Twenty years on, the Web faces new openness challenges
CERN set the Web on fire by releasing open software without royalty payment requirements. Two decades later, proprietary technology has found a foothold.
Stephen Shanklandprincipal writer
Stephen Shankland has been a reporter at CNET since 1998 and writes about processors, digital photography, AI, quantum computing, computer science, materials science, supercomputers, drones, browsers, 3D printing, USB, and new computing technology in general. He has a soft spot in his heart for standards groups and I/O interfaces. His first big scoop was about radioactive cat poop.
Expertiseprocessors, semiconductors, web browsers, quantum computing, supercomputers, AI, 3D printing, drones, computer science, physics, programming, materials science, USB, UWB, Android, digital photography, scienceCredentials
I've been covering the technology industry for 24 years and was a science writer for five years before that. I've got deep expertise in microprocessors, digital photography, computer hardware and software, internet standards, web technology, and other dee
Two decades ago today, the European particle accelerator called CERN gave birth to what's known as the open Web -- a technology that anyone can build without paying licensing or royalty fees.
But as the Web has grown ever more popular and sophisticated, proprietary technology poses a challenge to that philosophy of openness. The challenge is most clear in the area of video, where patents and copy protection are at odds with the Web's openness.
Tim Berners-Lee, a physicist at CERN, started developing what he called the World Wide Web in 1989. After CERN released the software for free on April 30, 1993, the Web spread like wildfire to become a global publishing medium.
The arrival of video on the Web has brought a different dynamic for two reasons: patents and digital rights management. For years, most Web video was one step removed from the Web, though, using Adobe Systems' Flash Player. People could watch video with their browsers, but the proprietary technology used Adobe's plug-in rather than Web standards themselves.
Now, though, Flash is on the wane, and the proprietary video technology is moving onto the Web itself.
Proprietary technology isn't necessarily a bad thing, though some organizations such as Firefox maker Mozilla oppose it. However, proprietary technology can impose costs on individuals and businesses that want to use the Web.
Video codec creep
The first proprietary encroachment is in the area of video compression. Just as JPEG, GIF, and PNG provide compress images for more efficient transmission and storage, technology called a codec compress video and audio.
The dominant compression codec, by far, is an industry standard called H.264 or AVC. It's used in video broadcasts, cameras, DVDs, and more. It's well understood, and processor support means devices such as smartphones can decode H.264 video without hurting battery life as much. But anyone using H.264 in software, hardware, discs, transmissions, or for-fee Net streaming video must pay patent licensing fees to patent holders through a group called MPEG LA. Flash Player includes support for H.264 as well as other codecs.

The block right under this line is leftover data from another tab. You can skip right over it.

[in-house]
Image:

Graphics support was built into the Web since very early days, but video was not. But browser makers sought to change that during the last decade by updating the Web pages description language, Hypertext Markup Language, in a version now called HTML5.
When it came time to deal with the codec issue, though, standards setters punted. H.264 was popular but patent-encumbered, and the main royalty-free alternative at the time, a codec called Theora wasn't widely used and suffered from image-quality concerns.
H.264's universal presence on mobile devices makes it even harder to challenge the technology. Despite its loathing for patent barriers, Mozilla capitulated to H.264's dominance and started building support so Firefox could play H.264 video when an operating system supports it. That support is in iOS, Android, Windows 7 and 8, and OS X.
The codec war isn't over, though. Google is working on VP9 and still is working to advance VP8. The newest battleground is a peer-to-peer video and audio chat standard called WebRTC that stands to bring Skype-like abilities to Web apps. Google and some allies are trying to specify VP8 support as a mandatory part of the WebRTC standard, though they face serious opposition.
DRM on the Web
Another fractious area is digital rights management, technology that restricts what people can do with content such as movies or music. DRM can be used to keep people from copying TV shows, sharing music with friends, or watching a rented movie after a 24-hour period has expired.
When HTML5 incorporated video abilities, there was no provision for DRM. Now, allies including Google, Microsoft, and Netflix are building it with technology called EME (Encrypted Media Extensions). EME doesn't actually have DRM, but it does provide a mechanism by which a Web page can call upon a DRM module, which means people could watch Web video without relying on Flash or Silverlight.
For all the flaws of DRM, though, including any number of encryption schemes that fell to cracker's efforts, it doesn't appear likely to go away. If the EME door to proprietary technology is closed at W3C, DRM video likely will live on through plug-ins, nonstandard features in browsers, or through apps that sidestep the Web altogether.
Still more open
Despite these issues, the Web remains remarkably open, both in the technology it's built upon and its content. It's easy to focus on obstacles to using the Web, but overall, the barriers for building Web sites and services are generally very low.